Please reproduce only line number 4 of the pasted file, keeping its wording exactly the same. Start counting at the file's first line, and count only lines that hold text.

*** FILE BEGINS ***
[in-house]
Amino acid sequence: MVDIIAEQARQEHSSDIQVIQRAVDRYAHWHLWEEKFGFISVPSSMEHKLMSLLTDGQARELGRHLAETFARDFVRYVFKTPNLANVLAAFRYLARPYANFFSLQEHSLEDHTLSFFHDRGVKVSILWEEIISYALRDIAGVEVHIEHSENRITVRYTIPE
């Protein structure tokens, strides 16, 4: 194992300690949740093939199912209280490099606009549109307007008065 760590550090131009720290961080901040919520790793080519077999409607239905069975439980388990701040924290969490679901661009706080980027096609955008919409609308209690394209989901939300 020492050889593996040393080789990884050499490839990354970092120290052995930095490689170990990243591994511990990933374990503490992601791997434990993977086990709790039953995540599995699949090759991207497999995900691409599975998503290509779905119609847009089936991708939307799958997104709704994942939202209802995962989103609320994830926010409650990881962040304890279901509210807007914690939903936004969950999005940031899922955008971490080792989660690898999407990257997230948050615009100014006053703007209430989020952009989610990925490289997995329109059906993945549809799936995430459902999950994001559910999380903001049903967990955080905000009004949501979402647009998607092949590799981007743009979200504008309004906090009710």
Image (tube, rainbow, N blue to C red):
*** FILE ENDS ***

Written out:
Image (tube, rainbow, N blue to C red):